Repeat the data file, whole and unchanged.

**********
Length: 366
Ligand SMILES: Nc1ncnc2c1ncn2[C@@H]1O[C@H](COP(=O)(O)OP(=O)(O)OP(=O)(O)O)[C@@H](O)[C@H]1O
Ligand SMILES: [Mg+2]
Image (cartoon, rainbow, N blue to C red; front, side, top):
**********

Length: 366
Ligand SMILES: Nc1ncnc2c1ncn2[C@@H]1O[C@H](COP(=O)(O)OP(=O)(O)OP(=O)(O)O)[C@@H](O)[C@H]1O
Ligand SMILES: [Mg+2]
Image (cartoon, rainbow, N blue to C red; front, side, top):